Testing, Testing, 1, 2, 3

Written by Abigail Koetting

  Testing, a method to find out what students know or what they don’t know, plays an important role in measuring academic success. Children enter the world of testing as young as pre-k, with assessments on what they have been formally taught, such as their colors or shapes. At more advanced levels, students’ ability to multiply math facts or identify the adverbs in a sentence is tested to see if they have learned the presented information. According to Brown and Kaminske (in press), retrieval is when an individual reconstructs a memory so that they can recall certain information. When something is retrieved more frequently, the information becomes easier to remember because the individual gets better at rebuilding the memory. When we are testing students, we are asking them to retrieve information; this is the most effective way to learn because it requires students to not only retrieve the information from their memory, but to also produce, explain, and apply it when writing it down.

Student studying in class

To test the positive effects of retrieval in elementary-aged children, students who are in the most important years of development, Karpicke, Blunt, and Smith (2016) studied eighty-eight children around ten years old. They were asked to study a list of words and to either re-study the items, or practice retrieving them.

Children were shown two lists of twenty-four target words, ranging from three to eight letters long, and each target word had a unique category label. Each list was divided into two different sets of twelve items according to word length, frequency, and age of acquisition.

The tests were given to children as a group in classrooms, but they worked independently. In this study, three different experiments were run. Due to the fact that they were so similar, and for the purpose of clarity, the three experiments will be explained at once.

In phase one, the twenty-four target words were projected onto the screen in the front of the classroom, and students were told to study them for a memory test later. The experimenter read the words out loud for students, and then the children had an additional minute to study the words; after, the list was taken off the screen.

In phase two, there were two conditions. Children in the repeated study condition were given a sheet that showed the twenty-four target words and category cues paired with each target, and the items were shown intact (for example, fruit: banana). In the retrieval practice condition, children were given a sheet that showed the twenty-four target words and category cues paired with each target, but only the stems of the targets were shown with the rest omitted (for example, fruit: ba_____). These students had to restudy the words that were intact and recall the word that finished the stems. For this phase, they were allowed four minutes.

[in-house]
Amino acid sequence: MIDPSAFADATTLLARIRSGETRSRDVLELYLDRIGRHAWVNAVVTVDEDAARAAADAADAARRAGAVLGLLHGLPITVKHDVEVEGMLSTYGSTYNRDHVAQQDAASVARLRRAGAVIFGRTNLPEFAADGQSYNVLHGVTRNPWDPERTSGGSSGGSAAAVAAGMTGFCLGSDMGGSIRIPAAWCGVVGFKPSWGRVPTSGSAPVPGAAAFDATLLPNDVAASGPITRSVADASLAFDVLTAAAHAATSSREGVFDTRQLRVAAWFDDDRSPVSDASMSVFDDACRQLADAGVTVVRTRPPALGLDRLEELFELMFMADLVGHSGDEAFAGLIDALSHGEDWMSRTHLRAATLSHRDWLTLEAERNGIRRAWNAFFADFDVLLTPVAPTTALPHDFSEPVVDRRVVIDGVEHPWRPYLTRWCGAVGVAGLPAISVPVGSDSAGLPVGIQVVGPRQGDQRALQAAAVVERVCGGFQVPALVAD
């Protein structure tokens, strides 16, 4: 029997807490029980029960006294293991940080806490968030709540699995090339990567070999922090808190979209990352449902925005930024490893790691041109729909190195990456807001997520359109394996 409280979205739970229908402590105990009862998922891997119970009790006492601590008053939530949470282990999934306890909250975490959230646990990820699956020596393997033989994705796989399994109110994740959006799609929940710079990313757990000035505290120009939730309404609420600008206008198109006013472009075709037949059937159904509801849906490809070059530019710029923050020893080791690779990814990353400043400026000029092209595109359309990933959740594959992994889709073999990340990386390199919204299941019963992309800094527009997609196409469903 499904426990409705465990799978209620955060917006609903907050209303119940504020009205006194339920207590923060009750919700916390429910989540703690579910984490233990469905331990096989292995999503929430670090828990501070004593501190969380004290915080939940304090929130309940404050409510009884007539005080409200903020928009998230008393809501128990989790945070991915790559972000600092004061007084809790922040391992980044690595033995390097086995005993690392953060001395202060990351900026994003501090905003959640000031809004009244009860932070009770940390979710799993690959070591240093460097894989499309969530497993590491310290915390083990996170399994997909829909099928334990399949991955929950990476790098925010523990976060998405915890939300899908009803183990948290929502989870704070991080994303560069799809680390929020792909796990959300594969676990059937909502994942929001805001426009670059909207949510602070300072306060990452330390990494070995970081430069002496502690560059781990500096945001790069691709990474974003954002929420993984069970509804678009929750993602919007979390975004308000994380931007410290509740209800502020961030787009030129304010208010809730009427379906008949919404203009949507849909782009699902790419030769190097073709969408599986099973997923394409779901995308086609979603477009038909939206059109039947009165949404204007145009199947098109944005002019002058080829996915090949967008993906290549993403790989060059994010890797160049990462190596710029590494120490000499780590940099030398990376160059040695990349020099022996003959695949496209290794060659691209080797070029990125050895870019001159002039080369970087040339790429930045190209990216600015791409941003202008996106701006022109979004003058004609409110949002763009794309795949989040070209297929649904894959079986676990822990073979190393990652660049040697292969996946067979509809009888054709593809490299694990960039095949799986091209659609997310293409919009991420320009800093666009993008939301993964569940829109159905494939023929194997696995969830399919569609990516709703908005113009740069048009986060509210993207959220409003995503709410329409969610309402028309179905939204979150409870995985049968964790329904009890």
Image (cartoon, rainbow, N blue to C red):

For phase three, the children from these two conditions had to complete a final free recall test. On a blank sheet of lined paper, they had to write down as many of the words as they could remember in any order. They had to be reminded though that the words they were looking for were the ones they either had restudied or completed from phase two, not the category clue words. For this phase, they were allowed four minutes.

Children also had to complete a final recognition test. The original twenty-four target words and the twelve distractor words were shown together in a random order on a piece of paper, and students had to read the words and decide if they had seen them earlier or not. They did this by circling either ‘yes’ or ‘no’ next to the words on the sheet. For this phase, they were allowed four minutes.

Looking at other kids notes

Additionally, children took the Maze reading comprehension test once in the fall semester and once in the spring semester; this test asked them to read passages where words were deleted and replaced with three choices, and students had to pick the word that made the most sense. The purpose of this test was to measure their reading comprehension. Children also completed the cross-out task, which required them to match geometric figures to the target figure- one that was the same. The purpose of this test was to measure their speed of processing.

Results from the three experiments showed that the retrieval practice resulted in high levels of initial retrieval achievement. Retrieval practice was advantageous over repeated study, so the experiments showed more positive effects of retrieval practice. The experiments also showed that recognition was higher for retrieved words rather than restudied words. Furthermore, children showed positive effects of retrieval practice regardless of their performance on the Maze or cross-out task.

Overall, the findings of this study support the theory that retrieving information has positive effects on learning. Therefore, testing is one of the best ways teachers can help students remember important information, as it requires them to both retrieve the knowledge and produce it.

 

Article sources:

Karpicke JD, Blunt JR, & Smith MA (2016) Retrieval-based learning: Positive effects of retrieval practice in elementary school children. Frontiers in Psychology 7.

Brown, A. & Kaminske A. N. (in press) 5 Teaching and Learning Myths – Debunked. New York, NY: Routledge Press.

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